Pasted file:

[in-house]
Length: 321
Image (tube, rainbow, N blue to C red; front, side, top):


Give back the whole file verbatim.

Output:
[in-house]
Length: 321
Image (tube, rainbow, N blue to C red; front, side, top):